Learning English grammar through flipped learning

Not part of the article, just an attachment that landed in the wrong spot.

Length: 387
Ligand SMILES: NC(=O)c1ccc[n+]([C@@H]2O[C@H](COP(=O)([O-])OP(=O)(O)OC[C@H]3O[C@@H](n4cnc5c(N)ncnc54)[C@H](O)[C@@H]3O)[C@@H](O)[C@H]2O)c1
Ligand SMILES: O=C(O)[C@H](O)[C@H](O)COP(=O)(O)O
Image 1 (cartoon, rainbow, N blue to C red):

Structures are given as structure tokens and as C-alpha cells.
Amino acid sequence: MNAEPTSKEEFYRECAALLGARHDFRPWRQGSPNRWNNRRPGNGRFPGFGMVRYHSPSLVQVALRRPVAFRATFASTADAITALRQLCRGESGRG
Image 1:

This study examines the effect of flipped learning on English as a Foreign Language (EFL) learners’ grammar. One hundred thirty-two first year university students, from four intact Freshman English classes, were divided into a flipped learning group (FLG) and a traditional instruction group (TIG). The two groups followed a weekly two-stage process. The FLG started with the individual space: the time and place learners complete a given task. They then moved on to the group space. The TIG, however, started with the group space, and moved on to the individual space. The individual work occurred outside the classroom, whereas the group work occurred in class. The treatment period was over 10 weeks. The study focused on the extent to which language learners’ experience of flipped learning or traditional instruction reinforced their English grammar learning. To collect data, both the FLG and CIG were given pre- and post- grammar tests. In addition, the FLG was asked to complete a 16-item survey on their perceptions of learning grammar through flipped learning. Findings indicate that the flipped learning programme was more effective in teaching English grammar than traditional instruction. The results of the post-test reveal a statistically significant difference between the two groups, (t = 8.21, p < .001), with a large effect size (Cohen’s d = 1). In addition, the survey analysis revealed the FLG participants’ satisfaction with flipped learning in terms of online material, in-class discussions, and other benefits.
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